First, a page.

Unemployment in New Zealand is suffered mainly by the young, by non-Europeans, and often those living outside the three main population centres. One in five Maori, aged from 20 to 24, are unemployed. That does New Zealand no credit.

We must do better.

According to BERL, if we were to achieve a net inflow of investment of 2% of GDP a year, our unemployment rate could potentially fall to just 3.3% by 2005.

That's as low as you would find it anywhere in the world, and certainly far lower than in corporatist economies like France. It would mean that thousands of New Zealanders would have found jobs who would otherwise be unemployed, among them thousands of young non-Europeans. What a tremendous goal for us to aim for as a country.

The Government is quite clear about what needs to be done to attract the sort of investment we need to achieve it. I spent two weeks last month in Asia largely promoting New Zealand as a destination for pro-jobs investment.

Contrary to the Alliance's rhetoric, Wall Street and Hong Kong billionaires are not preoccupied with exploiting the New Zealand worker and imposing social experiments on our people. They know two things about New Zealand: the football team that wears black, and that we've undertaken some interesting economic reforms. In that order. If they are interested in the CER region, their first instinct is to invest in Australia, with New Zealand - if it is considered at all - being seen as a small offshoot of that larger market.

We need to be ahead of the game to attract their serious interest; to use their capital to create jobs for New Zealanders.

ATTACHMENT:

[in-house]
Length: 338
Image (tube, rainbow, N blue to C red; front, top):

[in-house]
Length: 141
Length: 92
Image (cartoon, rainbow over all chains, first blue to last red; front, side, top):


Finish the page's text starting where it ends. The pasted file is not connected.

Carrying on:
Our economic reforms do provide a platform to promote our economy as a destination for investment. Our continuing commitment to the $5 billion fiscal cap for social investment in mainly health and education is essential.

Ensuring that unions are never again able to hold our economy to ransom is essential too. The Reserve Bank Act and the 0-3% inflation contract with the Governor is critical, as is our low-rate broad-base tax system. The message that New Zealand is committed to further reform is also welcomed overseas.

The Government intends to sell assets, reform ACC, cut compliance costs, review the implementation of the Resource Management Act, and introduce competition in electricity. We are looking at further efficiencies in central Government, wit h my merger of the ministries of forestry and agriculture an example you will want to talk with me about this evening.

What's also important to job-creating investors is a degree of certainty that the rules will not be changed overnight. That is what will be delivered by the Multilateral Agreement on Investment - the treaty which has so upset Mr Anderton and his alliance of tree-huggers, Mensheviks and social creditors.